Regardless of your play style, you’re treated to responsive controls and a reactive world that strikes back as hard as you hit it. With weapons ranging from silent kill katanas, to noisy rocket launchers, how you deal with a mission is entirely up to you.

Fire fights evolve into intricate ballets of bullet hell madness akin to R-Type, or Ikaruga, and death is usually instant, with a single hit being enough to have you starting a mission again. Thanks to a wealth of checkpoints disguised as coffee vending machines, you’re never too far from where you left off.

While trying to complete an objective with outright violence rewards agile reflexes, playing Tokyo 42 stealthily demands patience. You’ll learn enemy patterns, how to avoid them, and tip-toe behind your target to land a killing blow. Get spotted by a foe? Just change your skin with the tap of a button, and move to another location.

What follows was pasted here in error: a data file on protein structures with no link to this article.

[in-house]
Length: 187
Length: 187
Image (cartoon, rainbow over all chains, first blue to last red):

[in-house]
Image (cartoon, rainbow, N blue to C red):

Tokyo42 Stealth1 tokyo_42Tokyo42 Stealth1 tokyo_42

It sounds simple enough, particularly when you consider that other titles such as Hitman and Dishonored have a similar premise. In fact, it should be downright boring – but it’s not.
The art style may be akin to Monument Valley, but the sheer burst of colours give this interpretation of Tokyo a look of its own. Taking down targets is similar to Hotline Miami, and it never feels frustrating thanks to the game giving you ample opportunities to complete a mission in stealth or guns blazing, while its music has a calming impact on the proceedings. So much so that despite dying multiple times, we never felt anything close to rage. Quite the opposite really, wherein starting where we left off was refreshing, rather than the mental toll other isometric action titles with a high difficulty tend to be.